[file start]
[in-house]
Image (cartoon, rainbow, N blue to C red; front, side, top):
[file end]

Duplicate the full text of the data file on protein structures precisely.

[in-house]
Image (cartoon, rainbow, N blue to C red; front, side, top):